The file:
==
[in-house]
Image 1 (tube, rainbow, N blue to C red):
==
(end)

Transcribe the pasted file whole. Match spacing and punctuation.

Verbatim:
[in-house]
Image 1 (tube, rainbow, N blue to C red):